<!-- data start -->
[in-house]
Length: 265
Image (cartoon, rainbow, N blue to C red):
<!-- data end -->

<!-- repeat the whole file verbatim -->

[in-house]
Length: 265
Image (cartoon, rainbow, N blue to C red):